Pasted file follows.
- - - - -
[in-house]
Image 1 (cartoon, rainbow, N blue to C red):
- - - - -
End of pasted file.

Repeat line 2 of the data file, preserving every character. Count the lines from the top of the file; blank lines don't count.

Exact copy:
Image 1 (cartoon, rainbow, N blue to C red):